Wherever humans live together, there exists a web of human relationships that is, as it were, woven by the deeds and words of innumerable persons, by the living as well as by the dead. Every deed and every new beginning falls into an already existing web, where it nevertheless somehow starts a new process that will affect many others even beyond those with whom the agent comes into direct contact. It is because of this already existing web of human relationships with its conflicting wills and intentions, that action almost never achieves its purpose. And it is also because of this medium and the attending quality of unpredictability that action always produces stories, with or without intention, as naturally as fabrication produces tangible things. These stories may then be recorded in documents and monuments, they may be told in poetry and history, and worked into all kinds of material. They themselves, however, are of an entirely different nature than these reifications. They tell us more about their subjects, the “hero” in each story, than any product of human hands ever tells us about the master who produced it, and yet they are not products properly speaking. Although everybody starts her own story, at least her own life-story, no individual we can point at is the author or producer of it. And yet it is in these stories that the actual meaning of a human life finally reveals itself. That every individual life between birth and death can eventually be told as a story with a beginning and end is the apolitical and non-historical condition of history, the great story without beginning and end. But the reason why each human life tells its story and why history ultimately becomes the storybook of humankind, with many actors and speakers and yet without any recognizable author, is that both are the outcome of action. The real story in which we are engaged as long as we live is not made.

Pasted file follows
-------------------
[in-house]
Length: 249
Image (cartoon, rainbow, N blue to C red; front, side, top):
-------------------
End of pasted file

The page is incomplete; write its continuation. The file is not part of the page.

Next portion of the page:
This accounts for the extraordinary frailty and unreliability of strictly human affairs. Since we always act into a web of relationships, the consequences of each deed are boundless; every action touches off not only a reaction but a chain reaction. Every process is the cause of unpredictable new processes. This boundlessness is inescapable. It could not be cured by restricting one’s acting to a limited graspable framework or circumstances or by feeding all pertinent material into giant computers. The smallest act in the most limited circumstances bears the seed of the same boundlessness and unpredictability. One deed, one gesture, one word may suffice to change every constellation. In acting, in contradistinction to working, it is indeed true that we can never really know what we are doing.